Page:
What is Aquafaba? Aquafabulous! 

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You know the canned beans liquid that most people just dump down the drain? It turns out that the leftover "juice" is the perfect egg replacer called "aquafaba."

When I heard about aquafaba, I was filled with such disbelief that I had to get up and make some right away! Here's how:


  • Use the liquid from a can of beans or the liquid left after you cook dried beans.
  • Any bean will do, but most folks find that using the juice from low-sodium white beans or chickpeas is best.


  • I drained some cooking liquid from a pot of chickpeas on the stove and reduced it until it looked slightly viscous (like the liquid in a can of chickpeas, which I could also have used).
  • Using an immersion blender, I whipped half a cup or so of the liquid (aquafaba) and transformed it into a stiff, pure-white froth, that looked very much like egg whites or heavy cream. The pillows of foam filled a good-sized mixing bowl. Bowl me over!
  • I slowly drizzled a bit of maple syrup and a dash of cinnamon into the foam as I finished whipping. Delicious!


Aquafaba is a growing food trend! It even has its own web site with a frequently asked questions page, so I don’t have to answer them here. There are Facebook communities, too, where you can find recipes using aquafaba as an egg or whipped-cream substitute.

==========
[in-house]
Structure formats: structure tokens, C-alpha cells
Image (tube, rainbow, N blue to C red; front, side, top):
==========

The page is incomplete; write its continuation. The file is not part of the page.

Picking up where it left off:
• Merinque is one of the more popular uses. See a recipe for Merinque Aquafaba.
  • Aquafaba recipes also abound for mayonnaise, marshmallow fluff, whipped toppings, sour cream, frostings, mousse, ice cream, fillings, and more.

I simply added a bit of maple syrup and a sprinkle of cinnamon and served it for supper on apple crisp straight from the oven. Delicious! (Okay, I have to admit I ate almost half of it immediately, scooping it right out of the bowl. Pretty much all of the calories came from the syrup.)

A few facts about making and using aquafaba

  • You can repeatedly freeze, thaw, re-liquify, and heat it without any loss of whippability.
  • Unlike with raw egg whites, there’s no danger of pathogens from use at room temperature with no further cooking.
  • It doesn’t contain much in the way of conventional nutrients.
  • If you use canned chickpeas or white beans (which do not leave a bean-y flavor), choose a salt-free product. Otherwise, it's too much salt for dessert recipes.
  • Experienced cooks suggest substituting three tablespoons of whipped aquafaba for each egg in a recipe.

I’ve made no secret of my love for beans and pulses (including chickpeas). I cook and eat them often—it's inexpensive, versatile, and high-powered nutrition. When I wasn’t making soup, I often poured the bean-cooking water down the drain. No more!

I may be new to aquafaba, but his holiday season, I’ll start whipping that liquid into new and amazing dishes. If I find an especially spectacular one, I’ll share it here. Please do the same if you have one.

And here's a recipe for those chickpeas: Make hummus!

About The Author

Margaret Boyles

Margaret Boyles is a longtime contributor to The Old Farmer’s Almanac. She wrote for UNH Cooperative Extension, managed NH Outside, and contributes to various media covering environmental and human health issues. Read More from Margaret Boyles

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